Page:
The need for flexibility: why energy storage is key
This month, in our series EnergySpotlight our CEO Catherine Gras talks about the future of energy storage.
The need for flexibility: why energy storage is key and will grow in importance in the future
In the energy sector, when we talk about flexibility, we mean the capacity to increase or reduce the amount of energy at a given time.
It can take different forms, it can mean producing more or less, consuming more or less energy or releasing or storing energy when it can be stored.
If the production of energy was equal to the consumption, there would be no need for such flexibility, but as soon as demand and supply differ in time, there is a need to adjust one or the other. Adjusting demand is not easy and adjusting production is becoming more challenging as we are turning to more renewable energy production. This is where storage is key.
For decades, our energy system has been based on predictable production facilities, on predictable sources of energy. Electricity was mostly produced close to the point of use using coal, nuclear, gas or fuel-oil and heat was mostly produced from gas. The largest uncertainty of such a system was on the demand side.
As an example, heating is dependent on outside temperature when winter needs go significantly above warm season needs. Large scale underground storages were built for that purpose and are still used to manage this demand uncertainty.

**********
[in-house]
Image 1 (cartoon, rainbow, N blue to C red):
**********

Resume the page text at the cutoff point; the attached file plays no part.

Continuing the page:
But for some time already, the need for storage has increased to cover a growing uncertainty on the production side.
In most countries in Europe, the increase of renewable intermittent energy – where the resources are available and further away from the point of use – goes together with the closure of coal and fuel power plants. This significant shift in the way we produce electricity has created a strong demand for flexible gas power plants and the development of power transmission capacities. The flexibility required by the electricity market is thus more and more provided by the gas system.
Storage is also useful to reduce the energy supply chain costs as production and transportation facilities do not need to be sized for high peak demand. This is true for natural gas and this will be true as well for hydrogen production and supply.
The more we progress in decarbonizing our economy, the more we need energy storage. Given the limited large-scale storage alternatives, we see a growing need for underground gas storage, in the form of natural gas or hydrogen.
Impact of production and consumption flexibility requirements on gas and power system operations